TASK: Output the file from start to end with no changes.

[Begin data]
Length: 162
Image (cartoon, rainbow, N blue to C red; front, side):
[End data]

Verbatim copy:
Length: 162
Image (cartoon, rainbow, N blue to C red; front, side):